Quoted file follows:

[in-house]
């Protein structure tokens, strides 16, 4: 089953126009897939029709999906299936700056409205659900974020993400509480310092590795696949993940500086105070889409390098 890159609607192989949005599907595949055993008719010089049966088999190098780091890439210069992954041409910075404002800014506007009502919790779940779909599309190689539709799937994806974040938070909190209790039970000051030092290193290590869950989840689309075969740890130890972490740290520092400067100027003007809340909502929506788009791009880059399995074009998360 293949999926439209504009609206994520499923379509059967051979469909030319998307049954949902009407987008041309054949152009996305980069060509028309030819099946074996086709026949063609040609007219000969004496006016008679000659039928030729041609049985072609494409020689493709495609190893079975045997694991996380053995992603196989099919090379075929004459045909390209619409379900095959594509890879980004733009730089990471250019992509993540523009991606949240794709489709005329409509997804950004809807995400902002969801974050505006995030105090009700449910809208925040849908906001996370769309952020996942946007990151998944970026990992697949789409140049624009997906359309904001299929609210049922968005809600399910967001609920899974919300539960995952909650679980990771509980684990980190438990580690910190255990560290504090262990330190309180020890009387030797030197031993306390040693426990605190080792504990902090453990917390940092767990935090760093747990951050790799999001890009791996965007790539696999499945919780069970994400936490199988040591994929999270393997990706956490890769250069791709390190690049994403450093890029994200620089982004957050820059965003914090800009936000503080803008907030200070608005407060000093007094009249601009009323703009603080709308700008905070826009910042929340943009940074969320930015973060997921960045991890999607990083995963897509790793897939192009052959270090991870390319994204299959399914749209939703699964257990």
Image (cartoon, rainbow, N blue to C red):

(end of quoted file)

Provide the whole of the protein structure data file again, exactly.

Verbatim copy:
[in-house]
């Protein structure tokens, strides 16, 4: 089953126009897939029709999906299936700056409205659900974020993400509480310092590795696949993940500086105070889409390098 890159609607192989949005599907595949055993008719010089049966088999190098780091890439210069992954041409910075404002800014506007009502919790779940779909599309190689539709799937994806974040938070909190209790039970000051030092290193290590869950989840689309075969740890130890972490740290520092400067100027003007809340909502929506788009791009880059399995074009998360 293949999926439209504009609206994520499923379509059967051979469909030319998307049954949902009407987008041309054949152009996305980069060509028309030819099946074996086709026949063609040609007219000969004496006016008679000659039928030729041609049985072609494409020689493709495609190893079975045997694991996380053995992603196989099919090379075929004459045909390209619409379900095959594509890879980004733009730089990471250019992509993540523009991606949240794709489709005329409509997804950004809807995400902002969801974050505006995030105090009700449910809208925040849908906001996370769309952020996942946007990151998944970026990992697949789409140049624009997906359309904001299929609210049922968005809600399910967001609920899974919300539960995952909650679980990771509980684990980190438990580690910190255990560290504090262990330190309180020890009387030797030197031993306390040693426990605190080792504990902090453990917390940092767990935090760093747990951050790799999001890009791996965007790539696999499945919780069970994400936490199988040591994929999270393997990706956490890769250069791709390190690049994403450093890029994200620089982004957050820059965003914090800009936000503080803008907030200070608005407060000093007094009249601009009323703009603080709308700008905070826009910042929340943009940074969320930015973060997921960045991890999607990083995963897509790793897939192009052959270090991870390319994204299959399914749209939703699964257990």
Image (cartoon, rainbow, N blue to C red):